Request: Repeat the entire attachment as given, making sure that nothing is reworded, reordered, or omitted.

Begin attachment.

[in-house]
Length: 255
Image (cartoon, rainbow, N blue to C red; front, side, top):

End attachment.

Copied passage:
[in-house]
Length: 255
Image (cartoon, rainbow, N blue to C red; front, side, top):